March 12th: A date suddenly important when Google officially announced an update to its core search algorithm. This confirmation came after many experts in SEO noticed different results in performance across Google search indexes.
In August of 2018, Google released what was informally known as the medic update. This affected, in the main, verticals and websites relating to the health, fitness and wellness industries – the YMYL category (Your Money or Your Life).
In essence, this update came about as a means to improve the way Google rewards websites that rank well on trustworthiness, expertise and authoritativeness – key metrics for page quality.
The recent March update turned heads in part because it appeared to reverse some of these changes. Websites that were affected negatively by the August 2018 medic update found their results improved once again following the recent March alterations.
It appears, however, that this is a small occurrence. Most websites haven’t been affected in such a reversed manner; it’s a small but noticeable exception that caught attention and generated news and headlines.
Bad news for niche pages
Unfortunately for many, niche pages – ones that are dedicated to single services, subjects and products – have taken a noticeable hit following the March update.
While websites should still be optimising for time on site (the highest scoring sites on this metric fared best after the update), it’s important for SEOs and marketers to remember that search intent doesn’t always match up with bounce rate, page views and time on site.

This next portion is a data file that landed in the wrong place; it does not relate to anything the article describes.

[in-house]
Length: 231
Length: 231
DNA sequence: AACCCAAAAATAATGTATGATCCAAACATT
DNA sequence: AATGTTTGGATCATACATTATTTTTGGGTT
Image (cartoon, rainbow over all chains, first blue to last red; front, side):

While niche pages have shown a downturn following the update, it’s important for site owners and SEO specialists to take careful, measured actions instead of deleting or significantly altering long-standing pages.
The takehome message?
It’s important to remember that Google makes a number of broad core algorithm updates each year – this one just happened to be announced. While the March update has made some noticed impacts on certain areas of SEO, it’s important for websites to focus on what’s mattered for years: The building of page authority and brand trust.
User experience should also remain a key consideration. As we move into an SEO age where AI is driving improvements in user intent and semantics, websites that can understand search query motivations and the intent of their audience will be rewarded well.
Content also remains as valuable as ever in the drive to build trust and authority. The creating and publishing of high-quality, authoritative content that provides real value to its readers continues to be a worthy investment. Content marketing remains a marketing channel with exceptional ROI – if the business has enough patience and commitment to do the task properly.
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